To say that Austin Jackson struggled during the 2013 postseason was an understatement. Despite what turned out to be one of the biggest hits of the series in Game 4 of the ALDS, Jackson had an awful time making contact at the plate. By the end of the 11 games between two series, Jackson hit just .214/.298/.238 with a double, three RBI and 18 strikeouts in 47 plate appearances. For this, a vocal minority of fans want to see the Tigers start anew in center field in 2014.
Putting it bluntly, this is a very bad idea. Jackson has been one of the best and most valuable center fielders in the game since joining the Tigers in 2010, and it would be nearly impossible for even Dave Dombrowski to replace his value with someone else in 2014 and beyond.
Also, it goes without saying, but this post is why I think the Tigers should have locked up Jackson to a contract extension two weeks ago, or any time in the past 12 months.
Since 2010, Jackson has been a .278/.344/.416 hitter at the top of the Tigers' lineup. He has a career .344 wOBA and 107 wRC+. His wOBA and wRC+ are both tied for 14th among MLB center fielders with at least 1000 plate appearances since 2010. However, that list includes guys like Josh Hamilton, Bryce Harper, and Shin-Soo Choo, all of whom have spent the majority of their time in the last four years playing in corner outfield spots. If we limit the discussion to true center fielders, Jackson cracks the top 10 in both categories.
|Alejandro De Aza||.335||107|
Just based on this table, it would be difficult to see a reason why trading Jackson with no replacement in sight would be a good idea. However, we all know what kind of defender Jackson is as well. Here is where he ranks in various advanced defensive metrics among center fielders with at least 1500 innings played since 2010.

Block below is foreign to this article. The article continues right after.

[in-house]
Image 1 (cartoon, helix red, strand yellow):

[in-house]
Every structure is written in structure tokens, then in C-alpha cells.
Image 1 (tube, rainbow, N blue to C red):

- Third in defensive runs saved (DRS)
- Fifth in revised zone rating (RZR)
- First in plays made out of zone (OOZ)
- Ninth in ultimate zone rating (UZR)
- 12th in UZR per 150 games. However, he is ninth among players that still play center field and 10th among players that are still under contract with MLB teams.
- Tied for third in assists
When you combine the two, it's easy to see why Jackson is so beloved among statheads. He ranks sixth among center fielders in wins above replacement since 2010, with 14.6. That's an average of 3.65 WAR per season. There were only eight center fielders in baseball with at least 3.7 WAR in 2013. Only one of them was paid a lower salary than Jackson, and that guy was Mike Trout.
The biggest knock against trading Jackson might not even be the numbers he has put up, but rather the numbers that his replacement would be likely to produce. He is the only major league caliber center fielder in the Tigers' organization. Unless Dombrowski acquires a center fielder from outside the organization, the Tigers would be looking at a replacement level center fielder -- or worse -- in 2014. Can Jackson's 3.65 wins be replaced elsewhere among the roster without a massive increase in payroll? I highly doubt it.